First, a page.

Do you have a tibial plateau fracture and want to understand more about it and the Range of Motion (ROM) exercises designed to help overcome this type of injury?
You’ve come to the right place. In this post, we’re going to discuss what a tibial plateau fracture is, how ROM exercises can help during treatment, and give tips on how best to proceed with your recovery.
It can be disheartening when an injury or condition has been diagnosed that requires much greater care than other typical injuries.
But remember, there are ways that you can recover faster by knowing which treatments exist for your condition, as well as finding techniques that work best for your body. Hence, use them towards achieving rehabilitation success.
What Is Tibial Plateau Fracture?
A Tibial Plateau Fracture is a severe injury of the upper portion of the tibia bone, usually caused by a traumatic, high-energy impact.
This comminuted fracture involves displacement of the joint surfaces and can be associated with ligamentous and soft tissue injuries. Symptoms may include severe pain in the knee joint, swelling, and instability, which can lead to difficulty walking or bearing weight on the injured leg.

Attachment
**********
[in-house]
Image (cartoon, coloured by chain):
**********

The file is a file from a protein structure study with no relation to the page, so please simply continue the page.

When diagnosed with a plateau fracture, medical treatment begins immediately with immobilization in a brace or cast for several weeks, followed by intensive physical therapy.
Surgery may be necessary to stabilize the fracture and repair damaged ligaments or tendons. Recovery time depends on the severity of the injury, but it can range from months to even years to fully regain strength and mobility.
Range Of Motion Exercises For Tibial Plateau Fracture
Range of motion (ROM) exercises can help rehabilitate the damaged knee joint associated with a tibial plateau fracture. ROM exercises are designed to gradually restore the range of motion in the joint, allowing for greater flexibility, stability, and strength.